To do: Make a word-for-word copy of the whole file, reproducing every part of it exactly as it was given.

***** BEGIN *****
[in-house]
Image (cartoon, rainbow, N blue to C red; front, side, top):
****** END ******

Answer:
[in-house]
Image (cartoon, rainbow, N blue to C red; front, side, top):